It’s an interesting thing to witness a rapper go from being one part of a larger group dynamic to becoming a solo act. Such transformations often involve hard feelings, disappointed fans, but also, a great deal of potential.
There are often positive aspects to Hip-Hop groups breaking up, and music groups in general for that matter. Some of these might be the end of what was more a building process than a strong, interesting development in the genre in favor of highlighting primary talents.
One example of this is Chance The Rapper and Vic Mensa’s beginnings in the Save Money crew. For while these two rappers did seem to take that collaboration seriously (Mensa even got the clique’s logo tattooed across his wrist), upon their individual comings to success (particularly Chance’s), the group proved to be more of a building block than anything. Perhaps another example of this would be L.A.’s OFWGKTA group, more often known simply as Odd Future, a composite that made quite a splash on the Hip-Hop scene and then quietly fizzled out long after its primary members had been established and its influence had been felt.
Rapper Cordae, a heavy hitter of the YBN group, has arisen from the ashes of that collective and found himself on track toward rap superstardom, or, well, somewhere near there. Whether or not Cordae rockets off the YBN launchpad and his own solo strengths and abilities to a whole other level has been an interesting proposal to look out for. What is arguably even more interesting, however, is just how he does it, and, furthermore, whether or not he really even wants to fly that high.
On his second album, “From a Birds Eye View,” the answers to those questions become a bit more apparent. Cordae continues to rap on these songs in the way that he always has – consistent, structurally sound and generally without many obvious flaws. He brings the hammer down when the track needs it, and lays off the gas just ever so slightly when less proves to be more. Throughout most of his rhymes, however, Cordae sustains strong rhyme schemes and a flow that does plenty more than keep up over many strong beats.
“Sinister” feels a bit like an unnecessary flex and opportunity for a Wanye feature, but even being just that it is no waste of breath, even if it doesn’t fit the tracklisting particularly well. It also does something more for this album which may not have been entirely intentional – it serves as a reference bar of sorts that separates the ‘hard-hitting’ tracks from the slightly more laid back, perhaps even more reflective ones.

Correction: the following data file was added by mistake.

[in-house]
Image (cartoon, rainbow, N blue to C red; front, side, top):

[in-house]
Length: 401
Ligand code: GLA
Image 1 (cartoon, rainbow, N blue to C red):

This could be important in determining Cordae’s aim and trajectory for the future. The blend of hard bars and more accessible talk (perhaps stretching here just a tad) is certainly a way unto the mainstream radio circuit that has worked for many other rappers. With that in mind, this young MC may have his sights set high. There isn’t always a place in that world for the type of technique and tight style Cordae brings to the table with his raps, however, so his continuation to drop bars the way he does, as frequently and effectively as he does, may be a sign that he has no interest in the pop world and, rather, wishes to stay the course to be a truly great spitter.
The fact is that Cordae runs both routes quite well. “From a Birds Eye View” is a bit disjointed at times between select tracks but, ultimately, here is an artist who can do both. Ideally, however, he will focus on the precision of his pen for the best parts of this LP are easily those when he is spitting with at most severe level of capability.
With all of this in mind, when one looks back at the group setting Cordae came up in, it’s easy to see how great results could once again come from the rap group phenomena. Whether Cordae strikes it big on the charts with future releases, or carves out a space for himself as a memorable MC instead, the potential fruit of the rap group stands strong.